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Old 08-26-2009, 07:52 PM
Status: "Vi må legge kortene på bordet nå." (set 25 days ago)
 
Location: The Dusk of America
13,622 posts, read 11,980,569 times
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Quote:
Originally Posted by j_k_k View Post
got in trouble with my dad once because she lit the smoke in bed (and I was being bad? Harrumph) at 6 AM while we were visiting our cousins. I poked match heads into the end.
Now that one is funny... a little dangerous, but funny. Have you seen what match heads do when you light them en masse like that? It's kind of like a fourth of July firework. I used to cut match heads from the sticks, pack them tight into small cylinders (like M-80 housings) and make a fuse. They would explode, but the burning match heads would fly all over the place...

I once hid my aunt's unsmoked cigarettes from a pack all over her house. I put one in the half cup of coffee she was drinking and in a carton of milk in the fridge... boy did I get in trouble! And at that time, trouble meant OUCH! She was p**ssed! That's the last time I did that sort of thing.
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Old 08-26-2009, 08:21 PM
 
Location: Aloverton
6,564 posts, read 13,024,525 times
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Quote:
Originally Posted by ChrisC View Post
Now that one is funny... a little dangerous, but funny. Have you seen what match heads do when you light them en masse like that? It's kind of like a fourth of July firework. I used to cut match heads from the sticks, pack them tight into small cylinders (like M-80 housings) and make a fuse. They would explode, but the burning match heads would fly all over the place...

I once hid my aunt's unsmoked cigarettes from a pack all over her house. I put one in the half cup of coffee she was drinking and in a carton of milk in the fridge... boy did I get in trouble! And at that time, trouble meant OUCH! She was p**ssed! That's the last time I did that sort of thing.
To clarify, I only put one match head in at a time. I erred by implying multiple ones in the same stick. Living in a lumber town, if there was one thing we feared it was fire. Yeah, if you confined a bunch of them, they'd go up pretty good. I have to give my dad credit on the bed explosion: he had quit ten years before, and he was smiling when he said, "If you want to load your mother's cigarettes, just don't load ones she's likely to light up in bed." Then again, the old man had a pretty good sense of humor. When he was a new manager at the mill, the old hands (who loved to send the new guy for the lumber bender, the board stretcher, etc.) asked him for a sawdust pump. My father went to a hardware store, bought a brand new pitchfork, tied a ribbon around it and presented it to them with a smile. He got a lot of respect from them.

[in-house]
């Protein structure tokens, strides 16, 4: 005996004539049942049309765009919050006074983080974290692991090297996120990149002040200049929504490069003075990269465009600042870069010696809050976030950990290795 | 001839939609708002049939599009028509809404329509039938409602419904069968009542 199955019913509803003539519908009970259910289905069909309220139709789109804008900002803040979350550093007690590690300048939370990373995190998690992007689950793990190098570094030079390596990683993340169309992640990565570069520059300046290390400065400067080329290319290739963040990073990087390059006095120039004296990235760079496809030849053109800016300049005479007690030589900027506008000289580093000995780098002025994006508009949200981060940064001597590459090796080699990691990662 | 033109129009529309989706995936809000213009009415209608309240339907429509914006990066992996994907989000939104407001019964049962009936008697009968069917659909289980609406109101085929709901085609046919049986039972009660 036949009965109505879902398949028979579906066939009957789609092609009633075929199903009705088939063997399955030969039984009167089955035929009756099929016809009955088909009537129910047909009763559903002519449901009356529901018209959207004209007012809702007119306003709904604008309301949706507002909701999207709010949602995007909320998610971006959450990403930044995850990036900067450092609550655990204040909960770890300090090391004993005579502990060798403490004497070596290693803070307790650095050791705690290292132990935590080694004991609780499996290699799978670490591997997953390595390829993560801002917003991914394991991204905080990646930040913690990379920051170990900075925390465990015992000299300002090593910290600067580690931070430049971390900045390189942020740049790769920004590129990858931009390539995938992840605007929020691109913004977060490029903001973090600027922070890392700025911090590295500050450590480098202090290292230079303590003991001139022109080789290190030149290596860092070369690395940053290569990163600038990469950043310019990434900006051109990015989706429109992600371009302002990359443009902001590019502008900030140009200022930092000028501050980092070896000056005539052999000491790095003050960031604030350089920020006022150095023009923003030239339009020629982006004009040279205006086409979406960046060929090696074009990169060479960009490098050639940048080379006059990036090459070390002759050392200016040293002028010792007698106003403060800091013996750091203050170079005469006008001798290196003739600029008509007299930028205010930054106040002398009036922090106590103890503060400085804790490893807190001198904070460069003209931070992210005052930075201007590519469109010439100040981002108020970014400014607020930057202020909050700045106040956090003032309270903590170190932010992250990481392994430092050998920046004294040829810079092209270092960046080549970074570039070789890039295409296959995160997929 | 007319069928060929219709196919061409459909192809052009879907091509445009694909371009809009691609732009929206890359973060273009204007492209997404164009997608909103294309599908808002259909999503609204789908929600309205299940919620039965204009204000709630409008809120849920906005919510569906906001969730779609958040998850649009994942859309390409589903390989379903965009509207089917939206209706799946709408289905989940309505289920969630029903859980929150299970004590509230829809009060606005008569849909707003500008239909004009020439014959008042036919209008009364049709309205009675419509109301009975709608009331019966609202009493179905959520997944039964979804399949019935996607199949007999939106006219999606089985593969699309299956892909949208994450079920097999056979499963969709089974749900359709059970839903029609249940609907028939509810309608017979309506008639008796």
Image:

In college we learned a good method of dealing with obnoxious drunks. Usually someone chewed. We'd switch the boor's beer with a spit bottle when he wasn't looking.
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Old 08-27-2009, 12:13 PM
 
Location: Victoria TX
42,661 posts, read 78,464,698 times
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Quote:
Originally Posted by RobE View Post
Now it's down to, depending on the state, between 16-20% .
The number of people who smoke every day ranges from 22% (Kentucky) to 7.7% (Utah), with the national average at 15.6%
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The US rate is about half the world rate. More than half the adults smoke in Nauru and Guinea.

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Last edited by Yac; 12-08-2009 at 07:19 AM..
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Old 08-27-2009, 12:19 PM
 
Location: Orange County, CA
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Even the armed forces went along with smoking back then.Right after arriving at Navy boot camp we were offered a chance to buy cigarettes,even though I was only 17,and strictly speaking,not old enough to buy them.The real bargains for smokers came after we went aboard ship and went to sea.Once we were outside the three mile limit,the ships store could sell smokes without the federal tax stamps,so called "sea stores" as we called them.Regular sizes smokes such as Camels and Luckys cost 90 cents a carton,king sized,such as Pall Malls,were a dollar,and filter tips were $1.10.That is not a typo,those prices were per carton,not per pack.Almost everyone smoked,and our work spaces were routinely smoke filled.